You can't tell Mary Latham there aren't any good people left in this world.
The New Yorker says she's already met some of them by visiting 32 states to date.
"I'm doing a road trip to every single state in America, compiling stories of human kindness and acts of kindness," Latham, 31, said.
Her trek began October 2016 when she visited nearby Connecticut to archive her first few stories of good things happening to people in her project, More Good Today .
The wedding photographer sometimes flies back home for work while archiving the stories. But her blue Subaru Outback always stays on the road, parked away in storage until she's back on the road.
Latham says she often finds kind people everywhere, even staying with them while on her mission.
"The whole trip, I stay with people that support the mission," she said.
At the moment, she's staying at her 113th home in Millard. The story collector said roughly a 100 of her hosts have been strangers who later become friends.
Prior to arriving in Nebraska, she spent some time in North and South Dakota. Now in the metro, she's ready to hear and collect stories.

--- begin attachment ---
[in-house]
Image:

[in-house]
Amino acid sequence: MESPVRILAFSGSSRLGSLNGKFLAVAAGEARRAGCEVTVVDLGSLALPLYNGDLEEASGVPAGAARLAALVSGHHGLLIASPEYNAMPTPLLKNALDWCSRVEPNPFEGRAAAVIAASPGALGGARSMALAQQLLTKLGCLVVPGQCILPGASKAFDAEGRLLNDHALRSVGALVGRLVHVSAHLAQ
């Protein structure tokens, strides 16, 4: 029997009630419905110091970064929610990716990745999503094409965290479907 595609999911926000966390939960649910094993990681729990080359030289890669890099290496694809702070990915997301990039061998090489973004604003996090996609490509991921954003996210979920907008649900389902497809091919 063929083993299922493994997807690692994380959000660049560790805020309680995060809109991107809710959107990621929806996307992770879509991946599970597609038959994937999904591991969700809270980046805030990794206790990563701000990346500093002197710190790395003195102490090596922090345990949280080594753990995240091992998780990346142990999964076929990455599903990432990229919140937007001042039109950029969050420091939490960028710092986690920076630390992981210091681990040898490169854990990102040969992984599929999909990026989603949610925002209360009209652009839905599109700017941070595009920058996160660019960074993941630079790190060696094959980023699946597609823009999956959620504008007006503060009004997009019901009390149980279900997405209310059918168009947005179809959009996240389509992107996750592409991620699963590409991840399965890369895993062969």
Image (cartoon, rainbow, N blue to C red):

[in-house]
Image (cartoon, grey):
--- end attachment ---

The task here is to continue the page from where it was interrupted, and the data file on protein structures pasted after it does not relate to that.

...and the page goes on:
Her journey to finding good stories started on the same day as the Sandy Hook Elementary shooting in 2012. On that date, Latham also learned about how a man purchased a $100 gift card at a coffee shop and requested the cashier use the funds to pay for the line behind him. But she pushed behind the goodwill gesture as her mind stayed glued to the news on TV for developments emerging out of Newtown. Her mother reminded her to stay focused instead on the positive stories.
There is always going to be horrible things happening, but there will always be more good out there than bad, Latham said when recalling the conversation.
Her mother would say this, despite battling her second round with cancer before dying a few months later.
In some ways Latham's mother guides her on the quest. The car formerly belonged to her and Latham even tattooed her mom's signature on her left hand.
"I put it right here so she's maybe holding my hand or driving the wheel," she said.
Their relationship fuels this project which she hopes to turn into a book for loved ones to read in hospital waiting rooms because she wants to remind them on how they can still find uplifting stories even when times feel uncertain.
"I want to create this book to put a little bit of hope in those rooms," she said. "And give people inspiration."